Background: To better understand the health benefits of promoting active travel, it is important to understand the relationship between a change in active travel and changes in recreational and total physical activity.
Methods: These analyses, carried out in April 2012, use longitudinal data from 1628 adult respondents (mean age 54 years; 47% male) in the UK-based iConnect study. Travel and recreational physical activity were measured using detailed seven-day recall instruments. Adjusted linear regression models were fitted with change in active travel defined as 'decreased' (<-15 min/week), 'maintained' (± 15 min/week) or 'increased' (>15 min/week) as the primary exposure variable and changes in (a) recreational and (b) total physical activity (min/week) as the primary outcome variables.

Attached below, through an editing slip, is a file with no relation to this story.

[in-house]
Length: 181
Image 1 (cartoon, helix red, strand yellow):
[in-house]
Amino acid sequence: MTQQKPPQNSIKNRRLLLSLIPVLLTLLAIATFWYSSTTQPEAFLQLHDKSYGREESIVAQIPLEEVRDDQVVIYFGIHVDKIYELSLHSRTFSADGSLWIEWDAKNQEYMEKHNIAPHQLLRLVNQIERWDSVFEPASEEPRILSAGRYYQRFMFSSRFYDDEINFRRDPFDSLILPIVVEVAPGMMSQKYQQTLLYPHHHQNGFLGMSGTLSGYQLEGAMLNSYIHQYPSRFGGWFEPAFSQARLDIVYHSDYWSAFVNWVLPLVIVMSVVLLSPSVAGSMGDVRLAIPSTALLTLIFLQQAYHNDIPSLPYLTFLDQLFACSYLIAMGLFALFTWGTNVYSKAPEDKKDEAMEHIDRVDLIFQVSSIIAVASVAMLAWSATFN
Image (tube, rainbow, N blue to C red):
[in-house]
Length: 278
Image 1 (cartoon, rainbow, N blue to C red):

Results: Active travel increased in 32% (n=529), was maintained in 33% (n=534) and decreased in 35% (n=565) of respondents. Recreational physical activity decreased in all groups but this decrease was not greater in those whose active travel increased. Conversely, changes in active travel were associated with commensurate changes in total physical activity. Compared with those whose active travel remained unchanged, total physical activity decreased by 176.9 min/week in those whose active travel had decreased (adjusted regression coefficient -154.9, 95% CI -195.3 to -114.5) and was 112.2 min/week greater among those whose active travel had increased (adjusted regression coefficient 135.1, 95% CI 94.3 to 175.9).
Conclusion: An increase in active travel was associated with a commensurate increase in total physical activity and not a decrease in recreational physical activity.